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Sri Lanka’s legal framework regarding children falls short of international best practice in several areas. – UN WGAD –

Image: . Seong-Phil Hong, Chair- Rapporteur of the UN WGAD.

The Working Group’s visit to Sri Lanka from 4 to 15 December 2017 included visits to places of deprivation of liberty in Colombo, Negombo, Anuradhapura, Vavuniya, Trincomalee, and Polonnaruwa. The Group visited over 30 places of deprivation of liberty, including police stations; prisons; immigration detention facilities and entry ports; army and navy camps; homes for children, women and the elderly; institutions for persons with psychosocial disabilities; rehabilitation centres for ex-combatants and centres for treatment of drug dependency. It was able to confidentially interview over 100 persons who are currently deprived of their liberty.

The Working Group was informed of many positive changes that were being made across Sri Lanka in relation to the deprivation of liberty, including the entry into force of the Optional Protocol to the Convention against Torture, on 4 January 2018.

Nevertheless, throughout its visit, the Group observed instances of deprivation of liberty being the automatic response by the authorities to a wide variety of situations in which deprivation of liberty was not absolutely necessary or prescribed by law. Notably, the Group identified systemic problems within the criminal justice system which placed defendants at a high risk of arbitrary detention.

While the number of arrests and detention under the Prevention of Terrorism Act (PTA) appears to have fallen, the Act contains numerous severe restrictions on the right to fair trial. The Working Group calls upon the authorities to repeal this Act and ensure that any new legislation complies with international human rights standards. Meanwhile, the authorities should further ensure that the National Human Rights Commission is notified of any arrest carried out under the Act.

The Working Group is deeply concerned that over 14,000 girls and boys under the age of 18 were deprived of their liberty in 371 child care institutions across Sri Lanka. Only 33 of those institutions are operated by the Government. Sri Lanka’s legal framework regarding children falls short of international best practice in several areas.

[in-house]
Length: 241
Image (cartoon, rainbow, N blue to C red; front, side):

Working Group learned that placement of individuals in hospitals and treatment facilities on the basis of a psychosocial disability or a mental health condition, such as schizophrenia, bipolar disorder and depression, is increasingly common in post-conflict Sri Lanka.
We identified systemic problems with deprivation of liberty for rehabilitation purposes, including with regard to rehabilitation of women, ex-combatants, drug-users and other vulnerable persons.

We also learned of several situations in which people are being deprived of their liberty, or are at high risk of being detained, on discriminatory grounds. The Group urges the Government to find affordable alternatives to detention for the most vulnerable members of society.

The Working Group observed the ad-hoc nature of arrangements regarding asylum-seekers in Sri Lanka, as well as the dire conditions in the Mirihana immigration detention facility. It should be recalled that detention in the context of migration proceedings must be an exceptional measure, alternatives to detention must be duly considered, and when detained that migrants must be held in appropriate facilities which respect their inherent dignity.

The Working Group extends its gratitude to the Government for the invitation and for its cooperation before and during the visit. We look forward to continue this constructive dialogue, including with regard to the implementation of the recommendations.
Statement by

Mr. Seong-Phil Hong


39th Session of the Human Rights Council
Agenda Item 3

12 September 2018


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